1

I have a container class similar to the one below (with much of the logic omitted):

class Container<T>
{
    Dictionary<T, TWrapped> contains = new Dictionary<T, TWrapper>();

    public void Add(T item)
    {
        TWrapped wrappedItem = new TWrapped(item);
        contains[item] = wrappedItem;

        // logic involving wrappedItem...
    }

    public bool Contains(T item)
    {
        return contains.ContainsKey(item);
    }

    // Item has been updated, so Sort called on container
    public void Sort(T item)
    {
        TWrapped wrappedItem;
        if(contains.TryGetValue(item, out wrappedItem))
        {
            // sort the wrappedItem within the container...
        }
    }

}

Is there some way of either telling users of Container that T will be used as a dictionary key or, equivalently, of forcing users to have overridden GetHashCode() and Equals() ?

Further Info

My actual container class implements a heap implicitly with an array. To do so, items are wrapped with a class that contains index information for finding parents and children within the array. This wrapper class is private within the heap to avoid unintended tampering with the index values.

I now wish to support re-sorting of specific items in the heap; however, to map from the user supplied item to its wrapped representation in the array, I need a dictionary to store such a mapping... hence the GetHashCode() Equals() woes.

Any criticisms of the design would be welcome!

  • 2
    GetHashCode and Equals are implemented on every Object by default. Eg. reference equality for classes and value equality for structs. It should be on the user of your class to decide if default equality is valid or not. – Euphoric Jan 21 '16 at 20:58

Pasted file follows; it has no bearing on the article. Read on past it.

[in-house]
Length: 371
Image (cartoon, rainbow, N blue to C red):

• I don't understand the reasoning behind your question. There is no need to override Equals and GetHashCode in order to use a type as a key to a Dictionary. – David Arno Jan 21 '16 at 21:00
  • @Euphoric How can they properly decide if they aren't made aware of the dictionary implementation? That leads me to one of two conlcusions: either hiding it (as I have done) is bad, or users must always override equality when using object containers, which seems extreme to me at least. – Jack Jan 21 '16 at 21:02
  • @Jack, the only case where this would be a problem is if they create a class/struct that implements an override of Equals/GetHashCode and doesn't properly implement it. That's not your problem. – David Arno Jan 21 '16 at 21:09
  • Okay... I think I must have overestimated the danger of collisions when not overriding these methods! – Jack Jan 21 '16 at 21:15
3

When it comes to reference types (classes), you're already ok since those have Equals and GetHashCode implemented properly even without overriding.

When it comes to value types (structs, enums, ...), these should always override Equals and GetHashCode in meaningful manner as well as be immutable as per MSDN design guidelines - struct should implement IEquatable<T>; and transitively IEquatable<T> should override GetHashCode and Equals (Notes to implementors part).


If you want to really express this requirement to the consumer, consider adding a following generic constraint:

public class Container<T> where T : IEquatable<T>

This will most probably only cause nuisance to consumers however, as they will be forced to needlessly implement IEquatable<T> on classes.


Another option is to force every consumer to supply an IEqualityComparer<T> to your Container<T> which will then be used by the Dictionary:

public class Container<T>
{
     private Dictionary<T, TWrapped> _contains;

     public Container(IEqualityComparer<T> comparer)
     {
         _contains = new Dictionary<T, TWrapped>(comparer);
     }

     // rest of implementation...
}

Presumably, most consumers will do this

var container = new Container<T>(EqualityComparer<T>.Default);

but it feels nice to somehow mirror the Dictionary's ctors for increased flexibility. If I wanted ordinal case-insensitive string keys, I could do

var container = new Container<string>(StringComparer.OrdinalIgnoreCase);

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